Tuesday, June 7, 2016

The Wall by Eve Bunting, illustrated by Ronald Himler

I was going through my picture books this morning trying to get them a little organized, and I came across The Wall, which I had completely forgotten that I owned.  I wish I remembered it so for Memorial Day, but I didn't so I thought I would write about it today.

On a cool, breezy day, a young boy and his father visit the Vietnam Veterans Memorial in Washington DC.  The boys notices that the wall long long, shiny and shaped like a V.  The names on the wall are in straight lines, the "letters march side by side, like rows of soldier."

But this isn't just a sightseeing visit.  The boy and his father are looking for the boy's grandfather.  As they search for his name, the boy sees different people approach the way - a wounded veteran, an elderly couple, a group of school girls - and the different mementos left by friends and family members who are still mourning the loss of the sons, brother, fathers, grandfathers  Meanwhile, the boys father searches for the name of the father he lost when he was the age his son is now.

Finally, there it is - George Munoz.  Son and father make a rubbing of his names, then quietly stand in front of it together, no doubt thinking about what a loss they have suffered.

Because, besides honoring the veterans who lost their lives in the Vietnam War, the wall also reminds us of what a profound loss to family and friends even a single life can be.  And I think Eve Bunting has really captured that so well in this book, as well as what a truly emotional experience visiting the Wall can be, regardless of your feelings about the Vietnam War.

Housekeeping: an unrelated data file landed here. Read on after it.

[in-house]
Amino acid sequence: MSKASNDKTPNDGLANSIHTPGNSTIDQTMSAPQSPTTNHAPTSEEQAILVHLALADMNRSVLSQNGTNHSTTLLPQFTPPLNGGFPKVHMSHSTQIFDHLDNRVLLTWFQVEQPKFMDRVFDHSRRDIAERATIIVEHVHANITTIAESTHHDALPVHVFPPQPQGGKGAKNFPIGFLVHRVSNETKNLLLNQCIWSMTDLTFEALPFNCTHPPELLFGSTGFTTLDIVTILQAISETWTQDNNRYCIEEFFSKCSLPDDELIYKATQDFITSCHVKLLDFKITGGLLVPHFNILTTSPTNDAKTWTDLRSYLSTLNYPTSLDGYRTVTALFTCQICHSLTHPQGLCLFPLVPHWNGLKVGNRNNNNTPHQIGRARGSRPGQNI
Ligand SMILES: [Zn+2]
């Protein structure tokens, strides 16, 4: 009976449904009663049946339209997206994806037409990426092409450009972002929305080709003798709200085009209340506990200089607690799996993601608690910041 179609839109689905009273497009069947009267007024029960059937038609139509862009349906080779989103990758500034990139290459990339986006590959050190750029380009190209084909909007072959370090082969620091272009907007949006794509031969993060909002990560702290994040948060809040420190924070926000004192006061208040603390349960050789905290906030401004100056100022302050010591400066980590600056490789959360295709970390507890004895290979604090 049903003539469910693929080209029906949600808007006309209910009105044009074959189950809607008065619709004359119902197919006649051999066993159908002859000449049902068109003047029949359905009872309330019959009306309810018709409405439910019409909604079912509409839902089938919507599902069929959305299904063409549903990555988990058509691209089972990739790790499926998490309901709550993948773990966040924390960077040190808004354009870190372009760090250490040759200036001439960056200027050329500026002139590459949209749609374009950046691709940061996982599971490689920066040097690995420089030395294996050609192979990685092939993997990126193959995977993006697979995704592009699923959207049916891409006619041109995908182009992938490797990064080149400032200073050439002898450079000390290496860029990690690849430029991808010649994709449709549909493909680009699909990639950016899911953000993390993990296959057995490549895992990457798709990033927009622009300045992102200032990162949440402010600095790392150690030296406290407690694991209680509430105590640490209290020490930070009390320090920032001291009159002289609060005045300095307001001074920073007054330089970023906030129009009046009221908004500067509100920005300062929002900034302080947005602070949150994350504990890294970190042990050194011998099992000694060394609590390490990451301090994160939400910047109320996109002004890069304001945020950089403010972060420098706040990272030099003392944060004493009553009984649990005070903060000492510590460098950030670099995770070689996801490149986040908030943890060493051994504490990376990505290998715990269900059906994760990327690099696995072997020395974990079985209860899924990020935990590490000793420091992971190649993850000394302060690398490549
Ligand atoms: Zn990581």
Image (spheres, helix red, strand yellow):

Ronald Himler's quiet impressionistic styled watercolor illustrations and his palette of background grays and semi-colorful foreground figures of visitors and mementos really reflect the somber mood of visiting such a meaningful visit.

I created this blog because I was interested in the impact war has on children effected by it and I think the little boy's last words really epitomize that impact:

"But I'd rather my grandpa here, taking me to the river, telling me to button my jacket because it's cold.
I'd rather have him here."

This book is recommended for readers age 5+
This book was purchased for my personal library


A few years ago, I wrote that when I was too young to understand, I wore a MIA bracelet even though I was too young to understand what it was about.  The name on the bracelet was James W. Grace.  James was born in 1939 in Louisiana and shot down on June 14, 1969, which is, incidentally, flag day, and has been MIA since then.  Eventually, my bracelet fell apart, but with the advent of the Internet, I periodically did a search for James to see if maybe he had made it home.  Sadly, he is still MIA and his name has been listed on the Vietnam Memorial.  Years ago, when I visited it, I did a rubbing just like the father and son in the story:

So it was time to do another search, and I was please to find a photo of James on the Vietnam Veterans Memorial Wall of Faces
James William Grace 1939-1969
And just in case you are wondering what happens to all those mementos left at the wall, it is all explained in this 11 minute video, and trust me, it is well worth the tie it takes to watch.

And as always, 
In Memoriam
FCP 1955-2001

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